Devin Booker, Towns' former teammate at Kentucky, has proved to be a gifted scorer in the NBA and was named to his first All-Star team this season as an injury replacement. He's filled up the box score every season from his second year on and has improved through his first five seasons as a playmaker beyond his scoring.
The primary knock on Booker throughout his career has been the Suns' lack of team success, which has led many to question whether he's simply an empty-calories scorer. But the franchise hasn't exactly been well-managed in that time, and Booker is talented enough that it's not hard to see him flourishing on a better team. As it is, he's still as dependable a scorer as they come.
Actual pick: D'Angelo Russell
Booker's actual draft spot: 13th, Phoenix Suns
3. Philadelphia 76ers: Kristaps Porzingis
At his best, Porzingis has a strong case to be the best player in the 2015 draft. What drops him: consistency and injury concerns. Even beyond the torn ACL that kept him out most of the 2017-18 season and all of the 2018-19 season, he's missed games throughout his career with other injuries and hasn't played more than 70 games in a season since his rookie year with the Knicks.
Still, a 7'3" center who can shoot threes and protect the rim is a rare commodity. Before his 2018 knee injury, Porzingis was having a career year, shooting 39.5 percent from three and averaging career highs of 22.7 points and 2.4 blocks per game.
During his season on the sidelines, Porzingis requested a trade from New York, disagreeing with the direction of the organization, and was dealt at the 2019 deadline to the Dallas Mavericks. His first season in Dallas was up-and-down as he worked his way back from the knee injury, but it's clear he still has the potential to be a dynamic second option next to fellow Euro star Luka Doncic.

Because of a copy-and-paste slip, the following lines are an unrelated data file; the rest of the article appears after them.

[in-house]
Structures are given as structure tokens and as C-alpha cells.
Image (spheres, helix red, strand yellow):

Actual pick: Jahlil Okafor
Porzingis' actual draft spot: 4th, New York Knicks
4. New York Knicks: Myles Turner
The Pacers have remained competitive in the years since the breakup of the Paul George-Roy Hibbert teams of the early 2010s, and Turner's development has been a big part of that. He's grown into an outstanding rim protector and improved shooter, hitting 38.8 percent of his threes last season.
Indiana has made the playoffs every season since drafting Turner, and he's started at center in all of those runs. He had a particularly strong showing in the first round of the 2018 playoffs against the Cleveland Cavaliers, when they took the eventual Eastern Conference champions to seven games.
Actual pick: Kristaps Porzingis
Turner's actual draft spot: 11th, Indiana Pacers
5. Orlando Magic: D'Angelo Russell
It took Russell a while to become the player many thought he would become when the Lakers took him No. 2 overall. He never quite fit in there in his first two seasons, and Los Angeles sent him to Brooklyn in 2017 as a salary dump.
But when he got to his second stop in the NBA, Russell blossomed into an elite scorer, making his first career All-Star team in 2018-19 and helping lead the Nets to the playoffs for the first time in four seasons.